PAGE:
If you want to talk about oppression, "We found the Messiah. Oppression is over." What we see in this text is, families of faith, a brother going to a brother that leads to homes that are built upon beholding the Lamb.
Let me tell you why that's significant. Not perfect homes, because that does not exist. Not perfect parents, because there are no perfect parents.
This is an example of homes that, by the grace of God, as best they know how, are trying to behold the Lamb of God.
When you behold the Lamb, you become like the Lamb. Homes built on beholding the Lamb become an environment where a child can figure out who they are and be okay with that.
Why? Because you're beholding the Lamb. When you're beholding the Lamb, now that brokenness in you that wants to protect them from being like you allows you to speak a gentle truth.
The world will tell you “You can't love like Jesus and be a man. You can’t be tender. You can’t cry. You'd better grow some chest hair."
The Word of God would say, "No, no, no. You be you. God made you. God designed you for you to be you."
It's by beholding the Lamb that we're freed up to finally be who we are. Not only is that okay, but God rejoices in that.
I want to introduce you to Elijah White today. I love this guy. He feels deeply, but he also has a bit of warrior in him. That's my kind of guy.
He grew up in a home that constantly was saying, "Hey, look at Jesus. Hey, how amazing is Jesus? Hey, look at Jesus." So, Elijah, how did you learn to follow Jesus when He called you?
How many of you have this story? "By the grace of God, I was born into a home where I heard about Jesus. I hardly remember what it was like to not understand that he loved me and he was after me"?
If that's you, would you stand up? We don't raise our hands right now. We raise our hands when we sing. Right now, we're standing. Look at me. You do not have a boring testimony.
You have the testimony that we all want for our children and our friends and our family, that Jesus walked by you by his grace, through no act of your own.
Through faithful, imperfect mamas and daddies who did the best they could with where they were. God saw you and walked by you through the failures and the faithfulness of your mamas and daddies.
He has not forgotten about you, and you are in his sight to this day. God's plan is to continue that line of faithfulness through your imperfection until he returns. Praise God.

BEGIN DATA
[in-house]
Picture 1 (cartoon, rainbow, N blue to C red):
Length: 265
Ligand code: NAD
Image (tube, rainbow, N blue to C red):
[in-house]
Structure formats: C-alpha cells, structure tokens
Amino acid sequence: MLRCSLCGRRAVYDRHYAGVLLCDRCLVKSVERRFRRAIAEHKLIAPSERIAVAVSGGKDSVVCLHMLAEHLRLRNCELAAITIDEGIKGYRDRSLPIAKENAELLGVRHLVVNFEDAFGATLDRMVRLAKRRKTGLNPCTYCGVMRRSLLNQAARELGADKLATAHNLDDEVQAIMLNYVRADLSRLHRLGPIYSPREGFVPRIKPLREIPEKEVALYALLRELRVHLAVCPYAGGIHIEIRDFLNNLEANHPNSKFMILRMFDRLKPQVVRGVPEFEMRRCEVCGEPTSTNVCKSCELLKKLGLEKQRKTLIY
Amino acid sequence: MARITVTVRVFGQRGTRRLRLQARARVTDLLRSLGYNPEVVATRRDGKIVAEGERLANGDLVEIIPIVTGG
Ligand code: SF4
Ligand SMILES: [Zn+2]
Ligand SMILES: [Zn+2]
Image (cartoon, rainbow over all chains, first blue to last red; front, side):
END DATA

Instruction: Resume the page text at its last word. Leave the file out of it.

There is a third way we see Jesus walking by people in the text. Look at verse 43. Read John 1:43-51
43 The next day Jesus decided to go to Galilee. He found Philip and said to him, “Follow me.” 44 Now Philip was from Bethsaida, the city of Andrew and Peter. 45 Philip found Nathanael and said to him, “We have found him of whom Moses in the Law and also the prophets wrote, Jesus of Nazareth, the son of Joseph.” 46 Nathanael said to him, “Can anything good come out of Nazareth?” Philip said to him, “Come and see.” 47 Jesus saw Nathanael coming toward him and said of him, “Behold, an Israelite indeed, in whom there is no deceit!” 48 Nathanael said to him, “How do you know me?” Jesus answered him, “Before Philip called you, when you were under the fig tree, I saw you.” 49 Nathanael answered him, “Rabbi, you are the Son of God! You are the King of Israel!” 50 Jesus answered him, “Because I said to you, ‘I saw you under the fig tree,’ do you believe? You will see greater things than these.” 51 And he said to him, “Truly, truly, I say to you, you will see heaven opened, and the angels of God ascending and descending on the Son of Man.”
We don't know how Jesus knows Philip or came across Philip. But we see he invites Phillip to follow Him. All the text lets us know is that he's from the same city as the other two disciples.
Apparently, Phillip knows Nathanael pretty well, well enough to believe that Jesus can impact him. So he quickly tells him about Jesus.
Nathanael is a little bit of a theologian. He knows about the law of Moses. He knows what the prophets say.
Notice that in each of these there's this different invitation extended, but it's all the same invitation. He meets us where we are. He comes at us where we are, like we are.